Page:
Elastic Strain Energy (Edexcel International A Level Physics)

Revision Note

Test Yourself
Lindsay Gilmour



Area Under a Force-Extension Graph

  • For a material which obeys Hooke's law, the elastic strain energy, Eel can be determined by finding the area under the force-extension graph
    • Since this area will be a triangle with sides F (force) and x (extension) the equation is:

capital delta E subscript e l end subscript equals 1 half F capital delta x

  • Where:
    • Eel = elastic strain energy (or work done) (J)
    • F = average force (N)
    • Δx = extension (m)

  • Since Hooke's Law states that F = kΔx, the elastic strain energy can also be written as:  

capital delta E subscript e l end subscript equals 1 half k left parenthesis capital delta x right parenthesis squared

  • Where:
    • k = spring constant (N m–1)

Worked example

The graph shows the behaviour of a sample of a metal when it is stretched until it starts to undergo plastic deformation.WE - Work done area under graph question image, downloadable AS & A Level Physics revision notesWhat is the total work done in stretching the sample from zero to 13.5 mm extension?

Simplify the calculation by treating the curve XY as a straight line.

WE - Work done area under graph answer image (1), downloadable AS & A Level Physics revision notes

WE - Work done area under graph answer image (2), downloadable AS & A Level Physics revision notes

Exam Tip

Make sure that you are familiar with the area of common 2D shapes such as a square, rectangle, right-angled triangle and trapezium. Don't forgot to split the area of the graph up into these easier shapes and add up the area of each section for more complicated graphs! Always look at the units of the extension and the force, and check any unit conversions before giving your final answer.

Elastic Strain Energy

  • Work has to be done to stretch a material
  • Before a material reaches its elastic limit (whilst it obeys Hooke's Law), all the work is done is stored as elastic strain energy
  • The work done, or the elastic strain energy is the area under the force-extension graph


Work done is the area under the force-extension graph

  • This is true for whether the material obeys Hooke's law or not

Linear Graphs

  • For the region where the material obeys Hooke's law, the work done is the area of a right-angled triangle under the graph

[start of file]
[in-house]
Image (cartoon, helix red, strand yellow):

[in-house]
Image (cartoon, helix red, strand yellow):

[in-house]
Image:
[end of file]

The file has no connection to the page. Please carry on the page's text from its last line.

Non-linear Graphs

  • For the region where the material doesn't obey Hooke's law, the area is the full region under the graph.
  • To calculate this area, split the graph into separate segments and add up the individual areas of each
  • For the remaining part, count the squares left over
    • Before adding squares to the total they must be converted using the values on the axes
    • For example, if each division on the y-axis = 0.1 N and each division on the x-axis = 0.2 m, then each square = 0.1 × 0.2 N m = 0.02 N m

Worked example

For the force extension graph shown, determine the work done in stretching the material.


Step 1: Choose which aspect of the graph will give the answer

    • This is a force-extension graph, 
    • Since work done = force × distance, find the area under the graph

Step 2: Divide the area under the line into geometric shapes, using as much of the space as possible


Step 3: For each shape calculate the area and find the total

Total of geometric shapes = 0.025 + 0.05 + 0.75 + 1.5 +0.015 = 2.34


Step 4: For the remaining area count squares then convert

    • Total of counted squares

7 + 13 = 20

    • Value of each small square

0.1 N × 0.01 m = 0.001 N m

    • Multiply to find value of area of counted squares

20 × 0.001 = 0.02

Step 5: Add the totals together to find the area

2.34 + 0.02 = 2.36

Step 6: Write the final answer to the same significant figures as the data from the graph and include units

    • Work done stretching the material = 2.4 J

Exam Tip

As you add up your final totals you may find that the value of the left over squares is more than the rest of the graph. This means you have forgotten to convert the number of squares into their actual value. Go back and do that step and your answer will come out right!

You've read 0 of your 0 free revision notes

Get unlimited access

to absolutely everything:

  • Downloadable PDFs
  • Unlimited Revision Notes
  • Topic Questions
  • Past Papers
  • Model Answers
  • Videos (Maths and Science)

Join the 100,000+ Students that ❤️ Save My Exams

the (exam) results speak for themselves:

Did this page help you?

Lindsay Gilmour

Author: Lindsay Gilmour

Lindsay graduated with First Class Honours from the University of Greenwich and earned her Science Communication MSc at Imperial College London. Now with many years’ experience as a Head of Physics and Examiner for A Level and IGCSE Physics (and Biology!), her love of communicating, educating and Physics has brought her to Save My Exams where she hopes to help as many students as possible on their next steps.

Join over 500 thousand students
getting better grades